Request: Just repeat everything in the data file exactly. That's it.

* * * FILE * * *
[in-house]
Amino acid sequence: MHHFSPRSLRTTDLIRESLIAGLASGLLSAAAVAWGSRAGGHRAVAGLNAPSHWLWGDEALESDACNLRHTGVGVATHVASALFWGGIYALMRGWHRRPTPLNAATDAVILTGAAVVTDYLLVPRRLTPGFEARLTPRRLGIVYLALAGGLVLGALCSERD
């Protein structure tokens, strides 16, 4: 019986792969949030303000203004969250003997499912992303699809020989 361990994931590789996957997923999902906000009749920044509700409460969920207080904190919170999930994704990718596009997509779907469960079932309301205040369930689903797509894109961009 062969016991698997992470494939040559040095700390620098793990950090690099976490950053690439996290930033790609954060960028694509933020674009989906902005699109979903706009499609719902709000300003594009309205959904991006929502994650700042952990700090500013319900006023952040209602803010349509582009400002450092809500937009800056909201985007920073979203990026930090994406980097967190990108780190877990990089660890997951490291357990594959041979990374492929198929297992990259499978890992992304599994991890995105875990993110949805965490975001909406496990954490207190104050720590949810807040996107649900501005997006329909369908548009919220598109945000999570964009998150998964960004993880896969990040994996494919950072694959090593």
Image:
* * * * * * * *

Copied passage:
[in-house]
Amino acid sequence: MHHFSPRSLRTTDLIRESLIAGLASGLLSAAAVAWGSRAGGHRAVAGLNAPSHWLWGDEALESDACNLRHTGVGVATHVASALFWGGIYALMRGWHRRPTPLNAATDAVILTGAAVVTDYLLVPRRLTPGFEARLTPRRLGIVYLALAGGLVLGALCSERD
């Protein structure tokens, strides 16, 4: 019986792969949030303000203004969250003997499912992303699809020989 361990994931590789996957997923999902906000009749920044509700409460969920207080904190919170999930994704990718596009997509779907469960079932309301205040369930689903797509894109961009 062969016991698997992470494939040559040095700390620098793990950090690099976490950053690439996290930033790609954060960028694509933020674009989906902005699109979903706009499609719902709000300003594009309205959904991006929502994650700042952990700090500013319900006023952040209602803010349509582009400002450092809500937009800056909201985007920073979203990026930090994406980097967190990108780190877990990089660890997951490291357990594959041979990374492929198929297992990259499978890992992304599994991890995105875990993110949805965490975001909406496990954490207190104050720590949810807040996107649900501005997006329909369908548009919220598109945000999570964009998150998964960004993880896969990040994996494919950072694959090593």
Image: